I stand on the shore on a Sunday in July while dark birds hover above, and I squint into the early sun that barely peeks through the mist. Martha and I drove several hours through a downpour to get to this wide lake in off-the-main-road Massachusetts.
It’s days before an operation on my weakening heart and I watch swimmers churn toward me, the Australian crawl, the lake chopping, moments near the end of a half-mile through foul brown water, the initial chunk of Martha’s first long-distance triathlon, and after this, a twenty-eight mile race-bike ride with a six-mile sprint to the finish, a three-legged action she’ll call “grueling” when she looks back years later. She’s the oldest competitor at fifty-four (instead of a race number an organizer scratched “54” in black marker on Martha’s right bicep and left calf), and yet she is 132 pounds at 5’11” after furious years in pools and on a road bicycle, and sweat-drenched runs on pitiless asphalt.
Martha’s grandfather, “Spider” Clute, is in the sports Hall of Fame at Cornell. The Yankees tried to sign him in 1913 but his fiancé said NO: It’s me or them, she said, me or those drunk godless ballplayers. Martha’s grandmother didn’t yearn for the life she’d have as the wife of a professional athlete. Even so, there’s a family black and white of Grampa Clute in a Cornell uniform stretching for a throw at first-base, the “Spider”-body a double for Martha’s, not an ounce wasted . . . pure elegance and grace.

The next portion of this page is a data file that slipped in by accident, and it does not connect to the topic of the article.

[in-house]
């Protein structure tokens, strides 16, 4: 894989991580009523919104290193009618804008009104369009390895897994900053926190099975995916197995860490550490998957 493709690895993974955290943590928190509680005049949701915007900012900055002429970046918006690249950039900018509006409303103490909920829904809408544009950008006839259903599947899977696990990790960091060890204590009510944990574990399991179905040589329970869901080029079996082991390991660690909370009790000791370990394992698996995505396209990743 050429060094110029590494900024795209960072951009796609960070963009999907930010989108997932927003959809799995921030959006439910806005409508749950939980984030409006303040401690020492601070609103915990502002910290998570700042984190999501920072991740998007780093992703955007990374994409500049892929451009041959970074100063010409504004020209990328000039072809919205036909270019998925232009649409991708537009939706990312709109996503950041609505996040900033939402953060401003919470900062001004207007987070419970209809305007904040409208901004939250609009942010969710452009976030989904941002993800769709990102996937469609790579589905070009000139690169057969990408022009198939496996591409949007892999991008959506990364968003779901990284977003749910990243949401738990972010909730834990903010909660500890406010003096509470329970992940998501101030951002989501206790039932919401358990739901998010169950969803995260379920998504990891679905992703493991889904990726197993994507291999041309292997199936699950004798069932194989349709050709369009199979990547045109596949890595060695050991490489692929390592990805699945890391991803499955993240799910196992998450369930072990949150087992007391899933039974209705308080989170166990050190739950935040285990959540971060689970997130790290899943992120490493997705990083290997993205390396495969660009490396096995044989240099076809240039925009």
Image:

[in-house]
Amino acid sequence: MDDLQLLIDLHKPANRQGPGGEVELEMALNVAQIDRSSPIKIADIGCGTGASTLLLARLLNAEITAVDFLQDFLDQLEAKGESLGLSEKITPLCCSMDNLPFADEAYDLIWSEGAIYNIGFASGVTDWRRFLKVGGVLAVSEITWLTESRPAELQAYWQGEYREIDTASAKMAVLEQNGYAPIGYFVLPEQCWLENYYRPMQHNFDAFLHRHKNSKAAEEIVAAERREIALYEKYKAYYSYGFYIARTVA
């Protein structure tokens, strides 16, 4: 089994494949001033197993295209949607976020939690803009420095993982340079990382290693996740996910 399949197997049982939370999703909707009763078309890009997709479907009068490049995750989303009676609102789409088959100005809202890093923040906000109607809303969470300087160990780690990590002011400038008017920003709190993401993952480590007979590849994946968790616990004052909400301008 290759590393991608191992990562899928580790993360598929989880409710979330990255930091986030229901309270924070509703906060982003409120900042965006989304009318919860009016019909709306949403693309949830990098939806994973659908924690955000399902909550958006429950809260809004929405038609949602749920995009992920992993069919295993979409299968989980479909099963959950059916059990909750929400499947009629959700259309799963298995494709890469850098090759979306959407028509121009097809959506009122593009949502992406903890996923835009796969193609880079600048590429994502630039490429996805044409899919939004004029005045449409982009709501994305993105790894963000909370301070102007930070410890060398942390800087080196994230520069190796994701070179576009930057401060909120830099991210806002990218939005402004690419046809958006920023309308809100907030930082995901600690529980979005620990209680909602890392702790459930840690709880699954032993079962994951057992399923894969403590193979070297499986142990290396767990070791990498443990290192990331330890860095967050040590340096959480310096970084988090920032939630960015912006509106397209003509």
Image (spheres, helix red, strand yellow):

I peer out and think I’ll never be able to find her in this broil of bodies, the dip and swirl of red-winged blackbirds. A few swimmers back I glimpse a pair of black arm-warmers like the ones she wears, elbows high, the body level, head down, no unnecessary motion, smooth, strong, steady. Is that her? Martha fears the swim the most. Though she splashed summers as a little girl, a swimsuit her all-day attire, each day, every day, in the lake at a family camp, she has never swum competitively. Never. She fears her upper body will give out. She’ll flounder. She’ll stray off course on the open water. She’ll drop behind and be the fool, she’s sure. She’s old. The youngsters will stomp her. She can’t beat them.
But those black arm-warmers . . . they must be her. And the woman I see isn’t the swimmer I remember from a year ago. That one thrashed, arms flailed, head bobbed high, body twisted side to side, too slow, too slow, nothing flowed. This swimmer glides . . . she skims the angry water, each stroke of the arms a mirror for the next. She’s efficiency and control and power. She’s feet away and rises out of the water, tanned body shimmery in the sudden sun, she’s smiling at me and I’m crying, tears streaming down my face and I couldn’t explain why . . . . She’s fifth out of the water.
Kent Jacobson has been a teacher in prisons and a Massachusetts inner-city for nearly thirty years. His nonfiction appears (or will soon appear) in The Dewdrop, Hobart, Talking Writing, Backchannels, Under the Sun, Punctuate, Lucky Jefferson, and elsewhere. He lives in western Massachusetts with his wife, landscape architect Martha Lyon.